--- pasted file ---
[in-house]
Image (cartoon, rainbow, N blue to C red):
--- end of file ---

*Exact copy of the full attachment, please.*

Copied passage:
[in-house]
Image (cartoon, rainbow, N blue to C red):